Kombucha for a Healthy Brain

Ninety-percent of serotonin, the neurotransmitter commonly associated with joy (and which also aids in learning and cognition), is produced in the body’s digestive system. This biological fact is crucial. For you. Right fucking now.

February and March are notoriously gray seasons, with little sun and lots of wet. Every year at around this time, my friends disappear. They’re probably doing the same thing I’m doing: indoor sedentary activities that can be accomplished in front of yet another series run-through of Monty Python’s Flying Circus (or Futurama, South Park, Friends, etc. – pick your poison as far as comfort TV goes).

And who can blame them? When it finally warms up enough to go outside, the fog and spitting rain make the outdoors unpleasant. So repeated evenings at home turn into a rut that’s made worse by the lack of vitamin D from the absent sun and the reduced endorphin action from decreased physical activity.

In short: we need all the serotonin we can get. A healthy gut is essential to accomplish this goal. The best place to start is to boost the numbers of all the good microbiota that live in your shit chute. These cute li’l guys help you out by aiding in your digestion.

These are actually water bears, but look how cute!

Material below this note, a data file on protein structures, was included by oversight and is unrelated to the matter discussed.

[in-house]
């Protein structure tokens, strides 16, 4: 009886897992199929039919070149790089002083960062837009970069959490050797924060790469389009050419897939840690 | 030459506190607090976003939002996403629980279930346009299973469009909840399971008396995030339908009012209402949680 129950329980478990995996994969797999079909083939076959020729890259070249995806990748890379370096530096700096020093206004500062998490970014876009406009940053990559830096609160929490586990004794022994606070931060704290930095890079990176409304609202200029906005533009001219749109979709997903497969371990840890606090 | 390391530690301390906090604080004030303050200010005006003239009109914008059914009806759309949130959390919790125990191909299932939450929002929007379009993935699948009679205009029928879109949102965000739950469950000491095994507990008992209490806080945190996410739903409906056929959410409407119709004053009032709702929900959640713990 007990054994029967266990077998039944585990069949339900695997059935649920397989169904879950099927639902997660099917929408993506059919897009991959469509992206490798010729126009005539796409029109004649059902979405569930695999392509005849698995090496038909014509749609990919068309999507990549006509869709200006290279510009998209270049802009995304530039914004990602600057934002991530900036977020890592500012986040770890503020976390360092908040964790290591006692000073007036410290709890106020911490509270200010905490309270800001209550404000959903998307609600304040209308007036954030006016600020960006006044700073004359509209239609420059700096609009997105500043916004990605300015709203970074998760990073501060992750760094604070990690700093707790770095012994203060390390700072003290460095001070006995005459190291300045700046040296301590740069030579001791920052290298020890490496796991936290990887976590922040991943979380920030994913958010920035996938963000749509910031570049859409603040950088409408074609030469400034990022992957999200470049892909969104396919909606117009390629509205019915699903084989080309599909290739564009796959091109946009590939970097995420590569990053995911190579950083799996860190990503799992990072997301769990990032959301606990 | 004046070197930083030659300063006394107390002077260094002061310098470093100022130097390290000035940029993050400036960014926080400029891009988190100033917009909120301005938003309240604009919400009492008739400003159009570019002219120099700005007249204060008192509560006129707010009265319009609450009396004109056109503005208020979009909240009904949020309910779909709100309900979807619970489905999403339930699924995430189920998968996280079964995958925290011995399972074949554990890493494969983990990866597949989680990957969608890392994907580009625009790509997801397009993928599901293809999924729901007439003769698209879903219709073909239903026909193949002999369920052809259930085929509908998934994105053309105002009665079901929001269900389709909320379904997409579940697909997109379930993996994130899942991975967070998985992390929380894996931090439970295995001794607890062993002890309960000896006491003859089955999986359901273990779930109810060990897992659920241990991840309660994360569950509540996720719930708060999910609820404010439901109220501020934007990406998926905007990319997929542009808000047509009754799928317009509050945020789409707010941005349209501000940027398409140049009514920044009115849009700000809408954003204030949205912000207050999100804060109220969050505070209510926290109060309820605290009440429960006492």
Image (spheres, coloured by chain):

Getting more of them is as easy as putting some in your face hole, which brings me to the star of this post: kombucha!

Kombucha is a reliable way to get quality microbiota. It’s also super easy and fun to make. Take eight cups of tea, cooled to room temperature:

Any tea works.

Add one cup of this:


And add to it some of this**:


**This is the only ingredient where brand matters. You can get starter from a friend, but barring that, GT brand raw kombucha is widely available and works every time.

Top all of that off with a coffee filter (or something likewise porous) and let it sit for 7–30 days no matter what size batch you have. On your first go-round, your goal is to form a scoby, so starting with less tea and sugar is fine.

This was my first batch.

A scoby is a symbiotic culture of bacteria and yeast. For those of us who slept through science class, think of it like a slimy coral reef for good bacteria – like the kind of bacteria that lives in your gut and helps you efficiently transform food into energy.

Let me tell you, I am so proud of my slime. I love to feed it sugar and watch it bubble. This is about as nurturing as I get, by the way. Enjoy this glimpse of the tender me.

Kombucha_culture_development (1)
I carry this photo in my wallet.

The longer you let your kombucha ferment, the less sweet it tastes. Just remember that the sugar is food for your scoby life. It can actually starve, at which point it will turn darker brown and look very sad. Don’t neglect your scoby.

I’m calling Slime Protective Services.

Once your kombucha is to your liking, reserve two cups or so to keep as a starter. Put the rest in the fridge. This is a good time to add any additional ingredients. I flavor my tea with ginger, lemon, and turmeric.

So far, I’ve been drinking 8–12 ounces every day. Experts who know these things, though, say you’re not supposed to drink too much or consider it a cure-all. Consume responsibly – that is, in moderation – and remember that your kombucha bottle is a habitat for bacteria. So don’t, like, keep it next to your toilet or something.